However, with a few newer films employing the Academy Ratio, the square frame is making a quiet but welcome comeback, and its newfound rarity makes a convincing case that the Academy Ratio offers particular ways of experiencing images that can’t be replicated by other aspect ratios.

Film School Rejects | Read the Full Article

How to Light Your Video on a Budget: Weapons of Mass Production

Learn how to light your movie scene using a limited budget in this episode of “Weapons of Mass Production.” Kevin and John show how to use incandescent and fluorescent bulbs, as well as using work lights from hardware stores to light your scenes by taking a scene and re-shooting it with new lighting.

Submitted by Simon Hosick

The Hellish Production of Six Great Movies

Very rarely does a film go exactly as predicted. Here are six behind the scenes stories from great films where the plan didn’t exactly come together.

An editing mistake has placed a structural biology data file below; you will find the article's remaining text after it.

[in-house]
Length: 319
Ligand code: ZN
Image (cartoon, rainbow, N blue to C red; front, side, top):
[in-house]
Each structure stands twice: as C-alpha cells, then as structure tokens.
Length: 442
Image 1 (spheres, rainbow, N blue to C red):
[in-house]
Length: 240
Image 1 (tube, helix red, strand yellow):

6. Eyes Wide Shut

The torment that comes from Stanley Kubrick’s final film was not from the conditions of the set, nor was it even from any complications that arose during shooting. It certainly wasn’t Nicole Kidman’s nude scenes. What made working on this film a living hell was much more elegant than any disaster or ego clash – it was the pure tedium. 15 months of it.

Kubrick is known for being a rather meticulous director, and for this film he went above and beyond, setting an actual Guinness World Record for “longest constant movie shoot” at 400 straight days. That means that for those 400 days production never took a break. The reason for such a long shoot is of course Kubrick’s extreme attention to detail and perfectionism. At one point he shot a take of Tom Cruise walking though a door 90 times before he thought it was right. Ten whole days were spent deciding whether or not a character should make a certain hand signal. A 13-minute scene with Sydney Pollack took three full weeks of filming to get.